Portraits always fail, at least if held to the highest standard: to re-create the person in full, the living, breathing, fully present being. They may be likenesses, sometimes uncannily so, but they are never adequate substitutes for what they represent.
After viewing the National Gallery of Art’s exhibition of works by Albrecht Durer, I was glad to emerge to gray skies, a bit of drizzle and streets emptier than usual. This exhibition, of drawings, watercolors and prints borrowed from the Albertina Museum in Vienna, is so good and so absorbing, you’ll want to walk home alone, avoid crowds, and preserve the fragile sense of awe and melancholy it inspires for as long as possible.
On Saturday, the National Portrait Gallery opens the third edition of its prestigious triennial portrait competition, which this year features entries in such media as rice, glitter and thread, along with the more traditional genres of photography, vi…
Anyone old enough to remember the notorious 1989 Central Park jogger assault will associate the term “wilding” with shocking brutality. But Julie Wolfe — whose unfortunately named exhibition “Rewilding” opens Saturday with a reception from 6 to 8 p.m. at Hemphill Fine Arts — probably doesn’t mean it like that, despite her previous work that has addressed death.
Contrasting visions on the size, scale and scope of a
to honor President Dwight D. Eisenhower characterized a congressional hearing Tuesday, along with questions about whether to fund the original design or restart the entire process.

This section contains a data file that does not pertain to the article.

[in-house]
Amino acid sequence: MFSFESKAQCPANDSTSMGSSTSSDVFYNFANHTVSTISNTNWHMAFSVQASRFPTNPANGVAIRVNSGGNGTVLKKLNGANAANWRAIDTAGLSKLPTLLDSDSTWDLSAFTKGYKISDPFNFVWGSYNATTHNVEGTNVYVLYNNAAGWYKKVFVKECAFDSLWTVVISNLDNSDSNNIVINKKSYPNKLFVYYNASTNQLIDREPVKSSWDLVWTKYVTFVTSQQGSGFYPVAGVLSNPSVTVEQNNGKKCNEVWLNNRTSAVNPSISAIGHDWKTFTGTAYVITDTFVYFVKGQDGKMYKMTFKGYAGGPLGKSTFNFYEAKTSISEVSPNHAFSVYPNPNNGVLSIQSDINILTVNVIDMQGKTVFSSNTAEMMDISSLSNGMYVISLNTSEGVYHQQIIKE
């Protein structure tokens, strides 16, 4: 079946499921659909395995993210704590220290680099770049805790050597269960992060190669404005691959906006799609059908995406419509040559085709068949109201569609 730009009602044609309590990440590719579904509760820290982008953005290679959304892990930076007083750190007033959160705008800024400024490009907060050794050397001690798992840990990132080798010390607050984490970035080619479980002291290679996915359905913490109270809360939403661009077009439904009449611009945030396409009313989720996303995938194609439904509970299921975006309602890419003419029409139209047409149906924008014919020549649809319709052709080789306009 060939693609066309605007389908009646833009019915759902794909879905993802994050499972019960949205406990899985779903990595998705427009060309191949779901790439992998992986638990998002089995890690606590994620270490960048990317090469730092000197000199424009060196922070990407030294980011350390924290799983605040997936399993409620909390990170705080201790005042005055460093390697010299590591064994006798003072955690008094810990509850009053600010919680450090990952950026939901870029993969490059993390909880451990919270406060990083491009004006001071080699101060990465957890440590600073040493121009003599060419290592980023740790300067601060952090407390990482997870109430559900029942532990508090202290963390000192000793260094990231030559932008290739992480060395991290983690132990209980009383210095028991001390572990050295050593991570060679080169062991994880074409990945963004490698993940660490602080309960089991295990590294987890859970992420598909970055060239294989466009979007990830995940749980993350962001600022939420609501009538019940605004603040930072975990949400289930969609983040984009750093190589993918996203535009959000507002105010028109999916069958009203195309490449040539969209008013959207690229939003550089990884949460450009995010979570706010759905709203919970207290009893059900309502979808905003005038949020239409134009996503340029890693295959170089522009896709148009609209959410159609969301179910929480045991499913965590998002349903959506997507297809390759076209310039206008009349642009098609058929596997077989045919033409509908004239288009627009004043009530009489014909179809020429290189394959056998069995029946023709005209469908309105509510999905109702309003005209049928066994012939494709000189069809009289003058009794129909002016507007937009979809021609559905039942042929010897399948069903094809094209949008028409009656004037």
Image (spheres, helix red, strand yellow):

John Dreyfuss’s studio is stuffed with his sculptures — some models and some finished, most representational but a few abstract. The studio, a high-ceilinged warehouse near Northeast D.C.’s wholesale food market, holds pieces made by traditional means, including maquettes built from layers of wax, a venerable technique.
The well-heeled and deeply committed may attend the Washington Project for the Arts’s Select 2013 Art Auction Gala (tickets $300 and up) on Saturday evening at the Capitol Skyline Hotel. Other art lovers have one day before the event to view the more than 125 artworks, on display in the otherwise empty top floor of an office building near the NoMa-Gallaudet Metro station.
The National Gallery of Art’s startling announcement
Tuesday that it will close all the galleries in its East Building for an estimated three years in January for infrastructure renovations is sending a blow to the roughly 1 million people who visit each year.
The National Gallery of Art announced a $30 million renovation on Tuesday that will add more than 12,260 square feet of exhibition space and a rooftop sculpture garden to its East Building.
That renovation will occur at the same time the museum comple…
Richard Caton Woodville, the most eminent artist to emerge from 19th-century Baltimore, died in London of a morphine overdose in 1855. He was just 30 years old and left behind only a few dozen works, of which 16 paintings are still known to exist, all of which appear in “New Eyes on America: The Genius of Richard Caton Woodville,” the Walters Art Museum’s comprehensive new survey of his life, his Baltimore origins and his work.